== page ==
How Do I Interpret a Tenant Credit Check?

A Tenant Credit Check combines a comprehensive identity check with a credit score and adverse information checks.

Where is the Credit Check Information Sourced?

We source the credit check data from Equifax which is one of three credit reference agencies (CRA) in the UK. The others are Experian and TransUnion.

The information is supplied by local councils, banks, credit cards, lenders, telecoms and utility companies to the CRAs who collate the information and supply it to credit check supplier such as ourselves.

Most of the information held by the CRAs relates to how individuals have maintained their credit and service/utility accounts. It also includes details of previous addresses and information from public sources such as the electoral roll, public records including county court judgments, and bankruptcy and insolvency data.

The information held by the CRAs is also used to verify the identity, age and residency of individuals, to identify and track fraud, to combat money laundering and to help recover payment of debts. Government bodies may also access this credit data to check that individuals are entitled to certain benefits and to recover unpaid taxes and similar debts.

Credit reference agencies are licensed by the Financial Conduct Authority.

Identity Verification

The identity verification performs several checks which are grouped into three categories, Residency, Identity and Alerts.

The minimum requirement for an identity to be verified is:

  • 2 Residency matches
  • 1 Identity match and
  • 0 Alerts

Anything less than a score of 2-1-0 will result in the identity not being verified.

If the identity is not verified then you should obtain more information such as a bank or credit card statement. You should also get photographic identification such as a driving licence or passport.

Zero Matches

Sometimes a report shows zero matches of the individual to the address. This usually means the individual does not reside at that address or they have moved there so recently that records have not yet been updated.

We would not recommend granting a tenancy in this scenario without a guarantor.

Credit Score

The credit score is a numerical score between 0 and 500. It is calculated using a combination of factors such as payment history; the amount of debt the individual has and the length of their credit history.

The score may be interpreted as follows:

  • 0-99 - Very High Risk - not likely to be a suitable tenant
  • 100-199 - High Risk - could be a suitable tenant with extra protections such as a guarantor
  • 200-299 - Medium Risk - should be a suitable tenant
  • 300-399 - Low Risk - likely to a suitable tenant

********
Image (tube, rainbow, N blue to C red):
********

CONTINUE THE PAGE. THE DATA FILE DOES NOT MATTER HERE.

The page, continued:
• 401-500 - Very Low Risk - likely to be a good tenant

Electoral Register

Details of the individual and associates on the electoral register at the address will be included if there are any matches.

The Tenant Credit Check only shows details of people who are on the open (edited) register, not details of the full register. If a person has opted out of the public electoral register, they will not be shown on a tenant credit check.

You can find more information on the electoral register here:

Aliases and Associates

The report will check to see if the subject has any aliases and will check for any financial associates.

Linked Addresses

The report will attempt to find addresses linked to the report subject such as previous addresses. You can click through to see more information on the person the address such as Electoral Roll and Court and Insolvency Information.

Linked addresses are all the addresses that the individual or any of their financial associates have lived at and where they have taken out a credit agreement. Past and present addresses become linked when:

  • You have provided a company your current and previous address and they do a credit search against both of them.
  • You tell a lender that you've moved, the next time they update your account information they will link your current and your old address
  • Linked address information remains on the credit report indefinitely

Court and Insolvency Information

Details of any bankruptcies, insolvencies or County Court Judgments (includes CCJ or IVA). These stay on the credit report for 6 years.

You can see the Court that issued the judgement and whether the CCJ has been satisfied.

CCJs are assigned type codes so you can tell what they are for:

Code Description
ADO Administration Order
BKY Bankcrupty Order
CD Court Decree (Scotland)
CJ County Court Judgement (England, Wales and Northern Ireland)
CJP County Court Judgement Paid
DAS Deed of Arrangement
DRO Debt Relief Order
PTD Petition for Discharge of Sequestration
SQA Sequestration Actioned
VAR Voluntary Liquidation

Notices of Correction

Statements to explain potentially misleading information.

More help: Letting Your Property